ARTICLES

# Leetcode 1320. Minimum Distance to Type a Word Using Two Fingers

By **
adam
**

## Analysis of lee215’s solution

Lee already explained fairly well how to get the 1D dp. I just want to expound a little bit because there is a heavy dose of intuition that I believe is very beneficial for other problems.

## Intuition

One of the first things that one tries when playing with this problem is figuring out when the second finger comes into the picture. I applaud the earlier posts in assuming a special starting position for both fingers, so that there is nothing special about when it transitions from one finger to two fingers. This in my mind unifies the problem, so I don’t have to think of a one finger vs two finger system. With this unification it is always a two finger problem.

Then at each decision step, one knows the present state of the system and considers the possible transitions. The state can be represented by the location of the two fingers and the transitions correspond to choosing which of the fingers will take the next character. Since we don’t know the future characters, we have to keep an account of both possibilities. Let’s say that \(dp[a][b]\) represents the cost so far for ending with fingers at \(a\) and \(b\). Then when a new character comes, \(c\), then there are two possibilities \(dp[a][c]\) or \(dp[c][b]\). Note that we can discard all other \(dp[a][b]\)‘s for the next round of computation since one of the fingers has to be at \(c\).

Let’s just compute one more round for a new character, \(d\). In this case, we have \(dp[a][d], dp[d][c], dp[c][d], dp[d][b]\). Here we note that there \(dp[c][d]\) and the \(dp[d][c]\) are different states, but from a standpoint of the next character to be considered they are equivalent, so we keep the \(\min\) of two options. This is not done in Lee’s solution, and considerably reduces the space requirement, whereas before there was almost a doubling of the dictionary spacing with each new character.

```
class Solution:
def minimumDistance(self, A):
def d(a, b):
return a and abs(a / 6 - b / 6) + abs(a % 6 - b % 6)
dp, dp2 = {(0, 0): 0}, {}
for c in (ord(c) + 1 for c in A):
print([[chr(x) for x in y] for y in dp.keys()],"\n")
for a, b in dp:
dp2[c, b] = min(dp2.get((c, b), 3000), dp[a, b] + d(a, c))
dp2[a, c] = min(dp2.get((a, c), 3000), dp[a, b] + d(b, c))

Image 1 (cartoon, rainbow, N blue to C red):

if True:
dp = {}
for (a, b) in dp2.keys():
if (b, a) in dp.keys():
dp[b,a] = min(dp[b,a],dp2[a,b])
continue
dp[a,b] = dp2[a,b]
dp2 = {}
else:
dp, dp2 = dp2, {}
return min(dp.values())
s=Solution()
print(s.minimumDistance('asdfkjalskjflkweraglksjga'))
```

## Further simplification

In the above, one of the fingers must take \(c\). This means that there will always be \(dp[a,c]\) or \(dp[c,b]\) terms irrespective of which finger takes \(c\). And as we noted all the previous \(dp[a,b]\) are irrelevant. Also we have shown that \(dp[a,b]\) and \(dp[b,a]\) are equivalent. Therefore we can just throw away the \(c\) term and just remember that the previous character is \(c\). Thus we can further reduce this to a 1D array. Actually, since we are using a dictionary in the previous implementation, the dictionary has a max of \(26\) entries.

```
class Solution:
def minimumDistance(self, A):
def d(a, b):
return a and abs(a / 6 - b / 6) + abs(a % 6 - b % 6)
dp, dp2 = {0: 0}, {}
prev = 0
for c in (ord(c) + 1 for c in A):
for a in dp:
dp2[prev] = min(dp2.get(prev, 3000), dp[a] + d(a, c)) # keeping the previous
dp2[a] = min(dp2.get(a, 3000), dp[a] + d(prev, c)) # taking the previous
dp, dp2 = dp2, {}
prev = c
return min(dp.values())
s=Solution()
print(s.minimumDistance('asdfkjalskjflkweraglksjga'))
```

## Lee’s approach

Lee’s solution for the 1D is intriguing because he assumes a fixed cost, that of using just one finger, which can be found from the prefix sum of distances.

Then at each input character consider there is a possibility of using the second finger, however the second finger’s state may be one of many possible ones from previous characters.

Say the current character is \(c\), then we need to consider all possible previous second finger choices, \(p_i\), where \(i\) enumerates possible previous states for the second finger. Then the use of the second finger will result in \(d(p_i, c)\) cost, and we want to minimize this cost and accrued cost to get to \(p_i\) across all such possibilities.

```
def minimumDistance(self, A):
def d(a, b):
return abs(a / 6 - b / 6) + abs(a % 6 - b % 6)
A = [ord(c) - 65 for c in A]
dp = [0] * 26
for b, c in zip(A, A[1:]):
dp[b] = max(dp[a] + d(b, c) - d(a, c) for a in xrange(26))
return sum(d(b, c) for b, c in zip(A, A[1:])) - max(dp)
```

Instead of this cost minimization, Lee chooses to maximize the cost savings, or \(dp[p_i] - d(p_i,c)\). Since \(d(b,c)\) is constant it doesn’t factor in the maximization. In fact the careful reader will note that the savings will include the prefix sum of distances, and in effect Lee adds the prefix sum in the savings, and at the end removes the prefix sum at the end.

Why is \(dp[b]\) assigned? It is because in choosing the second finger to take character \(c\), the other finger is stuck with the previous choice \(b\). Now we can freely exchange the second finger with the previous choice and allow the first finger to always carry the current character. Perhaps a better definition of the second finger is the finger that may at any point take the current character, but upon taking it, exchanges position with the first finger.